Monday Morning Cheat Sheet: 3 Stories Moving Markets

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Major markets advanced in Asia on Monday, buoyed by generally positive economic news. A surge of optimism helped push the Nikkei up 2.48 percent to 14,205.20 after Tokyo landed the 2020 Olympic Games and Japan’s second-quarter gross domestic product growth was upwardly revised. The yen strengthened slightly to 99.485 against the dollar. In Hong Kong, the Hang Seng climbed 0.57 percent to 22,750.70, and in Shanghai, the Composite jumped 3.39 percent to 2,212.52 following better-than-expected trade data. Australia’s S&P/ASX 200 climbed 0.71 percent to 5,181.47 following the election of Prime Minister Tony Abbott.

European markets edged lower in midday trading despite a strong economic sentiment report. Germany’s DAX was off 0.08 percent, London’s FTSE 100 was off 0.5 percent, and the STOXX 50 index was off 0.47 percent.

U.S. stock futures at 8:35 a.m.: DJIA: +0.19%, S&P 500: +0.19%, NASDAQ: +0.42%.

Here are three stories to keep an eye on.

1. Europe

Sentix, a behavioral finance research firm, reported Monday that its composite index of euro zone economic conditions jumped 11.3 points to 6.5 in September, the second-strongest reading since the index was created in 2003, and its first positive reading since July 2011. The headline index is a function of two components: respondents’ interpretations of the current economic situation and their future expectations. The current situation index increased from -22.3 to -8.8, while the expectations index increased from 14.3 to 23.

The report suggests that monetary policy — spearheaded by the European Central Bank — has helped improve investor sentiment and fuel economic growth multiple times over the past several years, but that attention is now shifting toward more fundamental drivers of economic growth, such as fiscal policy.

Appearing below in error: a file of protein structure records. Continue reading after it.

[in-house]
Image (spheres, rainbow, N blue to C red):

Sentix

Source: Sentix

2. Asia

The International Olympic Committee awarded the XXII Olympiad to Tokyo in 2020, beating out Istanbul and Madrid. The news bolstered market optimism and mixed favorably with an upwardly revised second-quarter GDP report. Overall economic growth increased at an annual rate of 3.8 percent instead of 2.6 percent, as previously thought. Equities surged on the news, and some observers have suggested that the games could serve as a fourth arrow in Prime Minister Shinzo Abe’s sheath.

“We’ve got a great chance to make Tokyo and Japan shine,” Abe said during a news conference Sunday. “I want to overcome 15 years of deflation. Hosting the Olympics and Paralympics will have good effects on a wide range of areas such as infrastructure and tourism.” The government has estimated that that games will add about 0.3 percent to Japan’s GDP.

Separately, Chinese stocks advanced significantly, led by financial companies following news that exports grew more than expected and increased speculation over whether regulators would allow preferred shares to be issued in order to increase capital reserves. Concerns about capital shortfalls have become increasingly prevalent over the past few months as the Chinese government applies the brakes on lending.

3. Here’s How Obamacare Just Got Easier for Employers

Before it was postponed, businesses complained long and loudly about the burdens of the Affordable Care Act’s requirement that they report employees’ health coverage information. Among business and labor experts, the worry was the companies would shrink their workforces and cut employee hours in order to work around that provision.

As originally written, the health care reform mandated that businesses with 50 or more full-time employees provide those workers with a minimum level of health insurance coverage or face tax penalties of as much as $3,000 per full-time employee, excluding the first 30, beginning in 2014. For the federal government to know which companies had failed to provide coverage and how much those companies should be fined, a great deal of information must be transferred from business and workers to a great number of government agencies… (Read more.)

Don’t Miss: Here Comes the September Market Uncertainty.

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